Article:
What’s more, the DH paid out £468,462.06 of taxpayer’s money to Smoke Free South West alone on advertising to encourage the public to lobby for plain packs.
Most worrying though was that the DH and the DH-funded Action on Smoking and Health (ASH) were allegedly inflating the 235,000 positive responses. Deborah Arnott of ASH was in correspondence with Tabitha Brufal, Deputy Director, Tobacco and Health Improvement Policy, Department of Health. Here’s what she had to say:
“I understand that you have been copied into an email from a junior member of the UK Centre for Tobacco Control Studies (UKCTCS) which was circulated to the UKCTCS list encouraging sign up to the various websites supporting plain packs stating that “You can only vote once on each petition, but I would seriously doubt that there will be cross checking between charity petitions so it may be worth signing all of them to get your money’s worth.”
Fiddling the figures were they?
Then you have the contention that Andrew Black of the DH was in contact with fellow Australian and anti-smoking Professor Simon Chapman. And the fact that the DH extended the plain packaging consultation by four weeks at the request of the Australian government. The reason being, according to a Freedom of Information request from the 5th July, it wanted its submission to be signed off by its Minister of Health, The Hon Tanya Plibersek MP, but she was on a "short absence".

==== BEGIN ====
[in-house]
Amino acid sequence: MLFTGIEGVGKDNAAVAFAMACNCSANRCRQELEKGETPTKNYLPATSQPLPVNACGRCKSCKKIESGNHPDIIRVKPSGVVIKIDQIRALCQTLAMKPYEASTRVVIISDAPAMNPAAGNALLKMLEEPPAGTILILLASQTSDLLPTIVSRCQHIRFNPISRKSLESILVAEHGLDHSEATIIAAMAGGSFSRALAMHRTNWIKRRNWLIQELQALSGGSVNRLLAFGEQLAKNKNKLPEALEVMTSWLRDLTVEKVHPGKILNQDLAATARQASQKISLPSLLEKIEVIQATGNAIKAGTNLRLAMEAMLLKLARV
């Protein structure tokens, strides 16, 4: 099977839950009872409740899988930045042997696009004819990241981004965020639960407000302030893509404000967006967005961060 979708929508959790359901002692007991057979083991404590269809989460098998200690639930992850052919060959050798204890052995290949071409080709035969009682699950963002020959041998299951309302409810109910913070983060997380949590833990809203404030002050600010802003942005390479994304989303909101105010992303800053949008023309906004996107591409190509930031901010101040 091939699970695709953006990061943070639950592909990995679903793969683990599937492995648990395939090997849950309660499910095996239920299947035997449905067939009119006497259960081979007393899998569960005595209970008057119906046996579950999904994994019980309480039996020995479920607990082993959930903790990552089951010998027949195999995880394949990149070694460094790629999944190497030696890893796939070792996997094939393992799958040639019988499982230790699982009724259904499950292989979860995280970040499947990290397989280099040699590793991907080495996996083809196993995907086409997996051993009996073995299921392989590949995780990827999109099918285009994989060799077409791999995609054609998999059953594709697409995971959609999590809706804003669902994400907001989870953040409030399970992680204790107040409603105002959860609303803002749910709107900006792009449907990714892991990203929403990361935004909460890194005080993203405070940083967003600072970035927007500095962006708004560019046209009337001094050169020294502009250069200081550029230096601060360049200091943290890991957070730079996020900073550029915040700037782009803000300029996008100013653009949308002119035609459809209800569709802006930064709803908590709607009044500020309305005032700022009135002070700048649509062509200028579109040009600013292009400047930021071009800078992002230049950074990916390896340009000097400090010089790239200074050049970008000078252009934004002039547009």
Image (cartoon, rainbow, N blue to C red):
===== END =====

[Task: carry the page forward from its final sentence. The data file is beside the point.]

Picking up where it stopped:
On the 23rd January this year Dame Sally Davies was giving evidence to the House of Commons Science and Technology Committee. Asked about the effectiveness of the Australian Plain Packs campaign, which started fifty four days previously, she said that the "early signs" from Australia are that plain packaging is "successful in reducing cigarette smoking". Asked for the provenance of her claim, she replied: "I had dinner with the Permanent Secretary of the Department of Health of Australia on Monday evening."
"Is that scientific evidence?" asked a member of the committee. "No, I didn't claim it as evidence. I am very careful to wait until it has been properly evaluated, peer reviewed and published. I said there was early evidence. She said, that the purchasing [of cigarettes] looked as if it was responding [to plain packaging]. I am only reporting to you what I have understood as early evidence."
Seeing a vague pattern here? Biased evidence, collusion with other governments, the leaking of confidential information, and the possible misuse of public money/fraudulent skewering of public consultations. This is a disgrace.
Yes, Prime Minister has always been viewed as more of a documentary rather than satire; the inner workings of a government department which I have a deep knowledge of could easily be the blueprint for much of what passes for government elsewhere.
Seventy three MPs have written an open letter to Health Secretary asking for plain packaging to be abandoned. The Freedom Organisation for the Right to Enjoy Smoking Tobacco (Forest) has a page where you too can voice your objection with your MP. I hope you get a minute to write.
Read more on: pro-plain packaging campaign, why plain packaging for tobacco wouldn't work, should tobacco have plain packaging?, plain packaging for tobacco, david atherton, david atherton and smoking, tobacco control, tobacco, department of health, Polly Toynbee, Steve Hilton, and Andrew Black